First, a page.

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11 November 2011

A Crash Course In Hermeneutics

I'm not sure how many of you are familiar with the word "hermeneutics." From comes this brief origin and definition of the word:

The word "hermeneutics" is ultimately derived from Hermes the Greek god who brought the messages of the gods to the mortals, and was the god of science, invention, eloquence, speech, writing, and art. As a theological discipline [Biblical] hermeneutics is the science of the correct interpretation of the Bible.

With that we'll kick off a multi-part series! I anticipate that it will be five posts. Our house church group has begun to go over a basic outline of Scripture Interpretation that I put together and called "A Crash Course In Hermeneutics." In preparing to teach, I found that there are very few available resources geared for small group discussion and teaching of fundamental Biblical hermeneutics. That's crazy because it's such an important area -- one in which every believer needs to grounded. It isn't just for "professional" Christians.

I used R. C. Sproul's book Knowing Scripture (Second Edition, InterVarsity Press, © 2009 by R. C. Sproul) as a foundation because it's quite solid, easy to read, and there's a section that gives 11 general "rules" that are a great starting point.

These guidelines don't cover everything, don't make the mistake of thinking they do. But they'll get us well on our way. I'm not sure if I'll lay out one or two "rules" in each post after this. Just one today, though, because I've already written so much, and the first one will sound controversial.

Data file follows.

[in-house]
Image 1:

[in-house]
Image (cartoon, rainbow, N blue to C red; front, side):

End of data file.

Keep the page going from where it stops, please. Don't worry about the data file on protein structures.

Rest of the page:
Feel free to chime in with your comments!

Rule #1: Read the Bible like any other book.

"Whoa there, Dean! The Bible isn't just 'any other book!'" Of course it isn't. I'm not saying it is. I stand behind what 2 Timothy 3:16-17 says; the Bible is divinely inspired -- God-breathed. I believe it is infallible. But the upshot of this rule is that in the Bible, a noun is a noun, a verb is a verb, etc.

The Bible doesn’t take on some special magic that changes basic patterns of literary interpretation. There's a Latin phrase, sensus literalis, that means "literal sense." "The literal sense is the grammatical-historical sense, that is, the meaning which the writer expressed." (from Article 15 of the Chicago Statement on Biblical Hermeneutics).

Questions in Scripture do not suddenly become exclamations just because we want to read them that way, historical narratives don't become allegories or parables. Read the Bible with that knowledge. Sounds obvious, but it's a big "rule" that is violated regularly.

So there we have it; one "rule" down, ten to go!

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